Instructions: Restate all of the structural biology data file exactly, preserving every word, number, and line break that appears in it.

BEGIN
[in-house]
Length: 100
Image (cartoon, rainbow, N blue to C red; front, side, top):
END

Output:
[in-house]
Length: 100
Image (cartoon, rainbow, N blue to C red; front, side, top):